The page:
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Sony: 3rd-Party Publishers Leaving Nintendo Wii

SCEA Senior Vice President of Publisher Relations Rob Dyer recently told Industry Gamers that 3rd-party developers are heading back to the PlayStation 3 (and presumably the Xbox 360).

In a sense, the honeymoon is over: hype surrounding the Nintendo Wii and its innovative motion controller has died down to a dull roar. Additionally, Microsoft and Sony are set to hit the console scene this year with motion controller technology as well, taking some of the spotlight away from Nintendo's former "hot" product.

But Dyer paints another picture, another reason why the Wii has lost its luster: Nintendo games. Third-party developers have struggled to make revenue on a console dominated by first-party products like Super Mario Galaxy, Wii Fit, and even the pack-in game Wii Sports. Publishers no longer want to pour resources into a platform that doesn't return revenue, thus leaving the door wide open for Microsoft and Sony to take them back in with open arms.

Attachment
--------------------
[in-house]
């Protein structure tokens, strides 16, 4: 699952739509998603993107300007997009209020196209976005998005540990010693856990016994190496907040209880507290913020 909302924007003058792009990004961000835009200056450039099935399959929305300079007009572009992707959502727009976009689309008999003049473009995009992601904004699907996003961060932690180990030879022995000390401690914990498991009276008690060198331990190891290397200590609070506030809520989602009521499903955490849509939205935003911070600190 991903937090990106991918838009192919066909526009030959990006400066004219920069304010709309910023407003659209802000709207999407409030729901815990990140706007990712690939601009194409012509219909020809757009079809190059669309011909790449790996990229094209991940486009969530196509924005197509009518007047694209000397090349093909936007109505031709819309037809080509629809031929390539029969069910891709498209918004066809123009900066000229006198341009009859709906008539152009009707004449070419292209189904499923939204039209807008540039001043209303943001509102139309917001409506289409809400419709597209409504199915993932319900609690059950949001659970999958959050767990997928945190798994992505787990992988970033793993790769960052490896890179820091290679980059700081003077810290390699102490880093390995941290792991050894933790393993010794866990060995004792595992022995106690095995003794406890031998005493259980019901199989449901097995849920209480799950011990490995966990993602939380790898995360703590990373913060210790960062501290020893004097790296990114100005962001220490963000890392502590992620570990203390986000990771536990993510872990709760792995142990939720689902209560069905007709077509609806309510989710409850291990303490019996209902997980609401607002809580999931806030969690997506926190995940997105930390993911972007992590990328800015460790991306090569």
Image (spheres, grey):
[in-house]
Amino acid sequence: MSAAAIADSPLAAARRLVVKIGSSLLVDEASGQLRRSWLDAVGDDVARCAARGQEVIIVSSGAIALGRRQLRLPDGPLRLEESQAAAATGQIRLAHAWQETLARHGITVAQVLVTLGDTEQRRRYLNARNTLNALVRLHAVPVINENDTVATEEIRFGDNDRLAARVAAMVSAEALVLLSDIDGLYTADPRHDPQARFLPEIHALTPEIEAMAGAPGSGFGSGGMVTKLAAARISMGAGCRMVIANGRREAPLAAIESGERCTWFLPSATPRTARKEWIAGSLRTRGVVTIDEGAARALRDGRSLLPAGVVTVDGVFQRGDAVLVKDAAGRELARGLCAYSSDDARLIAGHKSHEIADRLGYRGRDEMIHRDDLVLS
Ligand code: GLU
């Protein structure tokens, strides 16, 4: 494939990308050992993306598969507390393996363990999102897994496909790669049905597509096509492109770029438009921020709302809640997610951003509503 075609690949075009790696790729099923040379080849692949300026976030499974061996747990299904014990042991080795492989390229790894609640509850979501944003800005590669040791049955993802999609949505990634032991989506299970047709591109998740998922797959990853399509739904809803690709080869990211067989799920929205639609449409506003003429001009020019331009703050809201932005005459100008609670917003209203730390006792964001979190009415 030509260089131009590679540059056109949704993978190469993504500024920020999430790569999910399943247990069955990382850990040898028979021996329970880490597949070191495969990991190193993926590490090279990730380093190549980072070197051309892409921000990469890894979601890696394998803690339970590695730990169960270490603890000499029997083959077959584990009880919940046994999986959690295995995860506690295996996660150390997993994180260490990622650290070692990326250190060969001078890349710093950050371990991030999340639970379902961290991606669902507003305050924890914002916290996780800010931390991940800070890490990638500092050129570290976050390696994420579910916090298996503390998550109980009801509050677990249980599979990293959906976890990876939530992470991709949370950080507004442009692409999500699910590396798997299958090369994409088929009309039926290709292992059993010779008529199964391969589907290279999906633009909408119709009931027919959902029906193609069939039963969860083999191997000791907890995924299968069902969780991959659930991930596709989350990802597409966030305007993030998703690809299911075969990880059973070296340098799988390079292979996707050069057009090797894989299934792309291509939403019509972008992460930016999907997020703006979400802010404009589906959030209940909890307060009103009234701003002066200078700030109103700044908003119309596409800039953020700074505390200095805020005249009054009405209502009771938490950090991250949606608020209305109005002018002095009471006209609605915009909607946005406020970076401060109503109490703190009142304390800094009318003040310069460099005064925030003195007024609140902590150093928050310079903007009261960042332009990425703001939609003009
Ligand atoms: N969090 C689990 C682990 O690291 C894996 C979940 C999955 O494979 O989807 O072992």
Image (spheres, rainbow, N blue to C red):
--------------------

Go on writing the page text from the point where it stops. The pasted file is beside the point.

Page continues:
"In the past, it was 'Look how hot the Wii is,' or 'Look how hot the DS is,' and 'We should put resources there,'" Dyer said regarding 3rd-party publishers. "They did that and realized, 'You know what, third-party product just doesn't sell on that platform.' So now they're taking those resources, coming back to us and saying, 'Sony we're going to be able to provide you with that exclusive content,' or 'We're going to put more engineers on it and figure out to maximize the Blu-ray and get more out of PS3.' That's what we're seeing now."

Dyer added that he doesn't have to convince publishers to develop for the PlayStation 3 platform, saying that all he had to do was show them the TRST data, show how many 3rd-party titles are listed in the Wii's top 10 titles compared to 1st-party Nintendo titles. He does the same for the Nintendo DS.Needless to say, it's not pretty for 3rd-party titles.

"It's not a hard story to sell, and they get that," he said. "Unless they've got a particular franchise that's worked well on the Wii, you don't see a lot of innovative new IP coming out on that platform.”

Sounds like the honeymoon is indeed over for the Wii.